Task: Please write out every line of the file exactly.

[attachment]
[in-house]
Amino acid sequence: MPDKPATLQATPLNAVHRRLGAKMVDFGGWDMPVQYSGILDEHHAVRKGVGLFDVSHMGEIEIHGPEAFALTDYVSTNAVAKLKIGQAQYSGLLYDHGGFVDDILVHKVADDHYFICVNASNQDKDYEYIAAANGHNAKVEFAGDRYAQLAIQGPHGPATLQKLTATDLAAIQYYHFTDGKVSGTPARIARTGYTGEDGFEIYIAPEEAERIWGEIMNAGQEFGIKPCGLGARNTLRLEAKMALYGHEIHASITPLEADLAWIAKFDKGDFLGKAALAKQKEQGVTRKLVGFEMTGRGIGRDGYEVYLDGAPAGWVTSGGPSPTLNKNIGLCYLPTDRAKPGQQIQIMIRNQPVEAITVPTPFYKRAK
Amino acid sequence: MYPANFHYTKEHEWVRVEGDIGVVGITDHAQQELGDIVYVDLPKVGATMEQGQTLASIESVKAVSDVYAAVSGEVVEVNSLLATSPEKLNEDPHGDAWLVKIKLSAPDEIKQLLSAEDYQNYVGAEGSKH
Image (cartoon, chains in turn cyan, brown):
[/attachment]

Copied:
[in-house]
Amino acid sequence: MPDKPATLQATPLNAVHRRLGAKMVDFGGWDMPVQYSGILDEHHAVRKGVGLFDVSHMGEIEIHGPEAFALTDYVSTNAVAKLKIGQAQYSGLLYDHGGFVDDILVHKVADDHYFICVNASNQDKDYEYIAAANGHNAKVEFAGDRYAQLAIQGPHGPATLQKLTATDLAAIQYYHFTDGKVSGTPARIARTGYTGEDGFEIYIAPEEAERIWGEIMNAGQEFGIKPCGLGARNTLRLEAKMALYGHEIHASITPLEADLAWIAKFDKGDFLGKAALAKQKEQGVTRKLVGFEMTGRGIGRDGYEVYLDGAPAGWVTSGGPSPTLNKNIGLCYLPTDRAKPGQQIQIMIRNQPVEAITVPTPFYKRAK
Amino acid sequence: MYPANFHYTKEHEWVRVEGDIGVVGITDHAQQELGDIVYVDLPKVGATMEQGQTLASIESVKAVSDVYAAVSGEVVEVNSLLATSPEKLNEDPHGDAWLVKIKLSAPDEIKQLLSAEDYQNYVGAEGSKH
Image (cartoon, chains in turn cyan, brown):